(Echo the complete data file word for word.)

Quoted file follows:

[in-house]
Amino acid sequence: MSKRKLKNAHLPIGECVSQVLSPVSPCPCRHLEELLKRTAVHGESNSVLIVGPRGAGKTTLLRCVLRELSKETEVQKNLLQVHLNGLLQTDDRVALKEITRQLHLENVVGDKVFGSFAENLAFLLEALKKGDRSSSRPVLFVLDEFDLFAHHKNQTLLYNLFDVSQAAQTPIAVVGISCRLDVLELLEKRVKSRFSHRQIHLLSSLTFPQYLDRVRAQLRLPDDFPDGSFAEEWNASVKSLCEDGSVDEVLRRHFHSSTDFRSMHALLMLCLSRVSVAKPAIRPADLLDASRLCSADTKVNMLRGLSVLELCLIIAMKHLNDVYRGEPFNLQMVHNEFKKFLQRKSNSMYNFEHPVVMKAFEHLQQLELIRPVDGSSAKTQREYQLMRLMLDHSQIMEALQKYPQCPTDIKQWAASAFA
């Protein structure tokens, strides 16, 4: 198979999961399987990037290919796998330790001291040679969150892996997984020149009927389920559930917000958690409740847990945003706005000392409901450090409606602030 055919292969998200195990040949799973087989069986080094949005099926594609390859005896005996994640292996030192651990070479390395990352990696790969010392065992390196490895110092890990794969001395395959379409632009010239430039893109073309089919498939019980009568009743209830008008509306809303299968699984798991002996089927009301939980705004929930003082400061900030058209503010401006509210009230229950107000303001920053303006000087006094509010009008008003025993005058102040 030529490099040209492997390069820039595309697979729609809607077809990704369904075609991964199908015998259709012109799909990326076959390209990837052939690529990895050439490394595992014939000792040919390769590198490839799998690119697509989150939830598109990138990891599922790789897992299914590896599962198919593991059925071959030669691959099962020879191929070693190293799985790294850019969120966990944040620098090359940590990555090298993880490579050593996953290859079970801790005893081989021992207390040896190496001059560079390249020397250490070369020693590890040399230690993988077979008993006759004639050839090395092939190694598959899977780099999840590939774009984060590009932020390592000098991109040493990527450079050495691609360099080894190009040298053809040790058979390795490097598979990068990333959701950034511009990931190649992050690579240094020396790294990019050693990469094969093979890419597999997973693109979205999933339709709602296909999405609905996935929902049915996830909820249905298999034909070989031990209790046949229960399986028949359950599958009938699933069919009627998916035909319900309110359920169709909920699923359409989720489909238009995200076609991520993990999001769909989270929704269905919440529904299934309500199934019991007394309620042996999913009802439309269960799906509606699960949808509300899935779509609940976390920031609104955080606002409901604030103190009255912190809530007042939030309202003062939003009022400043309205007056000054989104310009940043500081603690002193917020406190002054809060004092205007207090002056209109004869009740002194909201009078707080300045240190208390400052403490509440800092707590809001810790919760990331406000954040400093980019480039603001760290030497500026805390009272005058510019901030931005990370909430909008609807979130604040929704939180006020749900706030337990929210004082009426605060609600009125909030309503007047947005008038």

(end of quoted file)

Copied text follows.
[in-house]
Amino acid sequence: MSKRKLKNAHLPIGECVSQVLSPVSPCPCRHLEELLKRTAVHGESNSVLIVGPRGAGKTTLLRCVLRELSKETEVQKNLLQVHLNGLLQTDDRVALKEITRQLHLENVVGDKVFGSFAENLAFLLEALKKGDRSSSRPVLFVLDEFDLFAHHKNQTLLYNLFDVSQAAQTPIAVVGISCRLDVLELLEKRVKSRFSHRQIHLLSSLTFPQYLDRVRAQLRLPDDFPDGSFAEEWNASVKSLCEDGSVDEVLRRHFHSSTDFRSMHALLMLCLSRVSVAKPAIRPADLLDASRLCSADTKVNMLRGLSVLELCLIIAMKHLNDVYRGEPFNLQMVHNEFKKFLQRKSNSMYNFEHPVVMKAFEHLQQLELIRPVDGSSAKTQREYQLMRLMLDHSQIMEALQKYPQCPTDIKQWAASAFA
């Protein structure tokens, strides 16, 4: 198979999961399987990037290919796998330790001291040679969150892996997984020149009927389920559930917000958690409740847990945003706005000392409901450090409606602030 055919292969998200195990040949799973087989069986080094949005099926594609390859005896005996994640292996030192651990070479390395990352990696790969010392065992390196490895110092890990794969001395395959379409632009010239430039893109073309089919498939019980009568009743209830008008509306809303299968699984798991002996089927009301939980705004929930003082400061900030058209503010401006509210009230229950107000303001920053303006000087006094509010009008008003025993005058102040 030529490099040209492997390069820039595309697979729609809607077809990704369904075609991964199908015998259709012109799909990326076959390209990837052939690529990895050439490394595992014939000792040919390769590198490839799998690119697509989150939830598109990138990891599922790789897992299914590896599962198919593991059925071959030669691959099962020879191929070693190293799985790294850019969120966990944040620098090359940590990555090298993880490579050593996953290859079970801790005893081989021992207390040896190496001059560079390249020397250490070369020693590890040399230690993988077979008993006759004639050839090395092939190694598959899977780099999840590939774009984060590009932020390592000098991109040493990527450079050495691609360099080894190009040298053809040790058979390795490097598979990068990333959701950034511009990931190649992050690579240094020396790294990019050693990469094969093979890419597999997973693109979205999933339709709602296909999405609905996935929902049915996830909820249905298999034909070989031990209790046949229960399986028949359950599958009938699933069919009627998916035909319900309110359920169709909920699923359409989720489909238009995200076609991520993990999001769909989270929704269905919440529904299934309500199934019991007394309620042996999913009802439309269960799906509606699960949808509300899935779509609940976390920031609104955080606002409901604030103190009255912190809530007042939030309202003062939003009022400043309205007056000054989104310009940043500081603690002193917020406190002054809060004092205007207090002056209109004869009740002194909201009078707080300045240190208390400052403490509440800092707590809001810790919760990331406000954040400093980019480039603001760290030497500026805390009272005058510019901030931005990370909430909008609807979130604040929704939180006020749900706030337990929210004082009426605060609600009125909030309503007047947005008038």